The Warp Disruptor is the point of the entire exercise. Anything that point settles on is going to be stuck there, unless it's faster than the Drake. Which is not too hard, for cruisers and under, but battlecruisers and battleships are going to be stuck, and stuck hard. The "MWD" is useful because without it, the Drake is slow as heck. With it, a decently skilled pilot can exceed 900 m/s. This is the only thing that the Drake's capacitor is used for, with this fitting, aside from very minute amounts used to power the Invulnerability Fields.

Upgrading to named and, depending on what skills you have trained, tech two modules, is par for the course, especially for the shield extenders.

For PVE or missions, swap out the Invulnerability Field modules for specific shield "hardeners" that protect against the specific kind of damage used by those NPCs. Hardeners are anything that increases damage resistance. Also swap out the warp disruptor for an additional hardener. This should make for a Drake that can do most level 3 missions without too much trouble.

The tech one shield hardeners that protect against the different damage types that they protect against are as follows:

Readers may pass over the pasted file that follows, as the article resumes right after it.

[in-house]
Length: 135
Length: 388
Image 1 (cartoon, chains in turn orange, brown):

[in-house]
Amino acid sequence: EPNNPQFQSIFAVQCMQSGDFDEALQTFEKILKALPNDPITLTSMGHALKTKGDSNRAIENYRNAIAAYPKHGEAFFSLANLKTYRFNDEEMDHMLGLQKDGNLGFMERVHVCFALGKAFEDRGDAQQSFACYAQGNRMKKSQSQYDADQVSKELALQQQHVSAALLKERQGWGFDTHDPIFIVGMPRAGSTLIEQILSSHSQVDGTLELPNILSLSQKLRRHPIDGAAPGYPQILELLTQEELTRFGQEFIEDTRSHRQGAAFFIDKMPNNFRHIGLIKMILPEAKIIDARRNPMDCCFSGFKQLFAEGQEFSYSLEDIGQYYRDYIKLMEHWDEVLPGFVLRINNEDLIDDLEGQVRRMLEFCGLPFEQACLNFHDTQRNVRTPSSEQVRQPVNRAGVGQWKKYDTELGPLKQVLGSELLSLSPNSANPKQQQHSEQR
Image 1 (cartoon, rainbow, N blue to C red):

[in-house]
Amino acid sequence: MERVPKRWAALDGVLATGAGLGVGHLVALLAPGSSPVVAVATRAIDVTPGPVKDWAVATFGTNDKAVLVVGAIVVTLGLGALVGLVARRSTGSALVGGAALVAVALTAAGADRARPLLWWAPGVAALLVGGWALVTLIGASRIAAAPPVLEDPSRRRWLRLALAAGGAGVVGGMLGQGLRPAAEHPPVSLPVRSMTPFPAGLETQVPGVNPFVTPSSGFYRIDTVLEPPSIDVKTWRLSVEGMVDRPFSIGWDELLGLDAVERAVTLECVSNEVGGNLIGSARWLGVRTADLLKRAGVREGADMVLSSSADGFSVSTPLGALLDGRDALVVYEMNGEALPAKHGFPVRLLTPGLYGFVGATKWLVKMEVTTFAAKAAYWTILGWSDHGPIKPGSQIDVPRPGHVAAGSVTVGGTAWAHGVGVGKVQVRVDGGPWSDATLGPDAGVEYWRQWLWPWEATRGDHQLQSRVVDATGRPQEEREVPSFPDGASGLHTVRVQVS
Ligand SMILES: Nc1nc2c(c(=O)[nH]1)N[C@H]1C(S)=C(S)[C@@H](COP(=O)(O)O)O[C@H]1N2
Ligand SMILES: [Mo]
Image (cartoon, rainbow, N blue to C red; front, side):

• Ballistic Deflection Field: Kinetic.
  • Explosion Dampening Field: Explosive.
  • Invulnerability Field: All, but less protection.
  • Photon Scattering Field: EM.
  • Heat Dissipation Field: Thermal.

Low-Slots: Even More Tank (And A Little Damage)

  • x1 Damage Control II
  • x2 Power Diagnostic System II
  • x1 Ballistic Control System I

The Damage Control module, or "DC," increases shield resistances by yet another 7.5%. This may seem like a trivial amount, especially if you have heard of the "stacking penalty" that affects modules when they offer a redundant bonus. However, Damage Control modules are not affected by the stacking penalty, and 7.5% is no joke, especially when the Drake already has such ferocious resistances. Note that a ship cannot fit more than one DC at a time.

In addition to the power grid bonus that makes fitting easier for pilots with few skill points, the Power Diagnostic System or "PDS" as it called, adds an 8.5 shield recharge rate bonus. These extra hit points take advantage of the Drake's wonderful resistances, adding even more to the overall tank.

The Ballistic Control System, or "BCS," is to improve missile damage a bit. The firepower won't be staggering, but fitting at least one damage-increasing module is a good idea.

The reason that I specifically insist on the tech two versions of the DC and PDS is that they only require level four skills in order to be used, the skills required are must-haves for any pilot, they are cheap modules as far as tech two goes, and they yield tremendous benefits.

Other Fittings

  • x5 Warrior I (drones)
  • x3 Core Defence Field Extender I (rigs)